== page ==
- Body as a Whole: Chest pain, facial edema, flu-like illness;
- Cardiovascular: Myocardial infarction, hypotension, syncope, angina pectoris, arrhythmia, tachycardia, premature beats;
- Digestive: Abdominal pain, diarrhea, vomiting, dry mouth, flatulence, acid regurgitation;
- Endocrine: Gynecomastia;
- Hematologic: Anemia;
- Metabolic: ALT (SGPT) increased;
- Musculoskeletal: Arthralgia, back pain, leg pain, foot pain, muscle cramps, myalgia, arm pain, knee pain, hip pain;
- Nervous/Psychiatric: Insomnia, depression, anxiety disorders, irritability, nervousness, somnolence, decreased libido;
- Respiratory: Dyspnea, pharyngitis, bronchitis, influenza, sinusitis, epistaxis, respiratory infection;
- Skin: Angioedema, contusion, erythema, urticaria, leukocytoclastic vasculitis;
- Special Senses: Visual disturbances;
- Urogenital: Impotence, urinary frequency, urinary urgency, dysuria, polyuria.
- Gingival hyperplasia, usually mild, occurred in < 0.5% of patients in controlled studies. This condition may be avoided or may regress with improved dental hygiene.
Clinical Laboratory Test Findings
- No significant effects on serum electrolytes were observed during short- and long-term therapy.
- No significant effects on fasting serum glucose were observed in patients treated with Plendil in the U.S. controlled study.
- 1 of 2 episodes of elevated serum transaminases decreased once drug was discontinued in clinical studies; no follow-up was available for the other patient.
What drugs interact with Plendil (felodipine)?
Felodipine is metabolized by CYP3A4. Co-administration of CYP3A4 inhibitors (eg, ketoconazole, itraconazole, erythromycin, grapefruit juice, cimetidine) with felodipine may lead to several-fold increases in the plasma levels of felodipine, either due to an increase in bioavailability or due to a decrease in metabolism.
- These increases in concentration may lead to increased effects, (lower blood pressure and increased heart rate).
- These effects have been observed with co-administration of itraconazole (a potent CYP3A4 inhibitor). Caution should be used when CYP3A4 inhibitors are co-administered with felodipine.
A conservative approach to dosing felodipine should be taken. The following specific interactions have been reported:
- Co-administration of another extended release formulation of felodipine with itraconazole resulted in approximately 8-fold increase in the AUC, more than 6-fold increase in the Cmax, and 2-fold prolongation in the half-life of felodipine.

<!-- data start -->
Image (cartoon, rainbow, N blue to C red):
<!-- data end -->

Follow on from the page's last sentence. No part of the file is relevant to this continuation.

- Co-administration of felodipine (Plendil) with erythromycin resulted in approximately 2.5-fold increase in the AUC and Cmax, and about 2-fold prolongation in the half-life of felodipine.
- Co-administration of felodipine with grapefruit juice resulted in more than 2fold increase in the AUC and Cmax, but no prolongation in the half-life of felodipine.
- Co-administration of felodipine with cimetidine (a non-specific CYP-450 inhibitor) resulted in an increase of approximately 50% in the AUC and the Cmax, of felodipine.
- A pharmacokinetic study of felodipine in conjunction with metoprolol demonstrated no significant effects on the pharmacokinetics of felodipine.
- The AUC and Cmax of metoprolol, however, were increased approximately 31 and 38%, respectively.
- In controlled clinical trials, however, beta blockers including metoprolol were concurrently administered with felodipine and were well tolerated.
- When given concomitantly with Plendil the pharmacokinetics of digoxin in patients with heart failure were not significantly altered.
- In a pharmacokinetic study, maximum plasma concentrations of felodipine were considerably lower in epileptic patients on long-term anticonvulsant therapy (eg, phenytoin, carbamazepine, or phenobarbital) than in healthy volunteers.
- In such patients, the mean area under the felodipine plasma concentration-time curve was also reduced to approximately 6% of that observed in healthy volunteers.
- Since a clinically significant interaction may be anticipated, alternative antihypertensive therapy should be considered in these patients.
- Felodipine may increase the blood concentration of tacrolimus.
- When given concomitantly with felodipine, the tacrolimus blood concentration should be followed and the tacrolimus dose may need to be adjusted.
Other Concomitant Therapy
- In healthy subjects there were no clinically significant interactions when felodipine was given concomitantly with indomethacin or spironolactone.
Interaction with Food
- See prescribing information.
Plendil (felodipine) is an oral calcium channel blocker (CCB) of the dihydropyridine (DHP) class used to treat high blood pressure to prevent heart attacks and strokes. Common side effects of Plendil include swollen ankles and feet, headache, flushing, dizziness, increased heart rate, and low blood pressure. There are no adequate studies on the effects of Plendil in pregnant women. It is unknown if Plendil is excreted in breast milk.
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Second Source WebMD Medical Reference
High Blood Pressure (Hypertension)